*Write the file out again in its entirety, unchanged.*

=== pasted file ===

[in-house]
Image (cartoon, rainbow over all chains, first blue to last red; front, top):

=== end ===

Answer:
[in-house]
Image (cartoon, rainbow over all chains, first blue to last red; front, top):